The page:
Have you ever wondered, “what if trees could talk?” In a way, they do! But they actually do a lot more than just throw some shade. 😎
It’s fairly common knowledge that trees produce oxygen but did you know, according to Science Focus magazine, one person inhales an average of 1,631 pounds of oxygen per year — roughly equating to seven or eight trees’ worth!
To build a sustainable future, LoadUp’s junk removal service contributes to reforestation efforts by donating monthly to One Tree Planted. This means your unwanted junk can now contribute to an overall greener planet.
Reforestation is crucial as trees remove pollution from the atmosphere, which improves air quality, our health, and more! Keep reading for more fun facts about trees.
11 Tree Fun Facts & Benefits:
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- Trees warn each other of danger
- Poisonous trees are a real thing
- There are trees with rainbow bark
- Trees are young considering the planet’s age
- Trees are the oldest living organisms on Earth
- The thickness of tree rings reveal health
- Trees can hear (kind of)
- Trees combat climate change
- Trees express themselves through sound, too
- Trees cannot feel pain
- Trees benefit our lifestyles (and lower our bills!)
1. Trees warn each other of danger
Insect infestations are bad news for trees. When polar and willow trees experience an infestation, they give their neighbors a heads up by producing an excess of chemicals called Volatile Organic Compounds (VOCs). These chemicals reduce the nutritional value of their leaves and make the intruders lack feeding sources. Makes sense, but here’s the cool part:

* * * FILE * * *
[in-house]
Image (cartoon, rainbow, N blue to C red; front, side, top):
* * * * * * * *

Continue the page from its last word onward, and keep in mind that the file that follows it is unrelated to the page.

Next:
This signal communicates to neighboring trees of a potential infestation and they will also then produce VOCs to deter insects from spreading. Look alive, stay alive? Not in this case.
2. Poisonous trees are a real thing
When in Florida or the Caribbean, be careful which tree you sit under! Officially classified by the Guinness World Book of Records, the Manchineel tree is the world’s most poisonous tree. Every part of this tree, fruit included, can cause severe reactions like:
- Contact dermatitis
- Severe skin blistering
- Severe gastrointestinal issues when ingested
3. There are types of trees with rainbow bark
Yes, you read that correctly. The eucalyptus deglupta is native to the Philippines, Indonesia, and Papua New Guinea. As this tree grows, its bark peels to reveal the inner bark, which starts out in pastel green and deepens into orange, red, pastel blue, and sunset pink hues.
4. Trees are young considering the planet’s age
The earliest modern trees lived about 345-360 million years ago. While that is a long time ago, when you consider that the planet is 4.543 billion years old, they’re quite young!
🍄 What came before trees? Well, giant mushrooms (we think)! Trees have not always existed and started as plants that were only a few feet tall. Thanks to a fossil dug up in Saudi Arabia in 1859, scientists greatly debate what the huge spire is. Some argue there’s no way fungi could be 20ft tall. Still, a study concluded in 2007 the spires were a fungus, like a gigantic early mushroom.
5. Trees are the oldest living organisms on Earth
California’s White Mountains of Inyo County hold the record for the oldest living trees. These bristlecone pines and giant sequoias are 4,000-5,000 years old.
What is the oldest tree in the world?
The oldest living tree is a great basin bristlecone pine (pinus longaeva) that is 5,072 years old as of 2022. That means this tree was a sapling in 3050 BC! The identity and exact location of this tree have been kept a secret to protect it from vandalism and over-trampling.
6. The thickness of tree rings reveal health
While rings reveal the age of a tree, a lesser known fact is that scientists can tell how healthy an ecosystem is by the thickness of the rings. When the rings of a tree are thin, that indicates seasons of dry conditions, when they are thick the tree has had plenty of water!